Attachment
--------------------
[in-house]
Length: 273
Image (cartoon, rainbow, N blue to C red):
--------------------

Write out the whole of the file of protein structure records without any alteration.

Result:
[in-house]
Length: 273
Image (cartoon, rainbow, N blue to C red):